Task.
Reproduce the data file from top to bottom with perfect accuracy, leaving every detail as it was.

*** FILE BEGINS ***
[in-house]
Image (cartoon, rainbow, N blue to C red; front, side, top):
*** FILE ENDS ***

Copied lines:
[in-house]
Image (cartoon, rainbow, N blue to C red; front, side, top):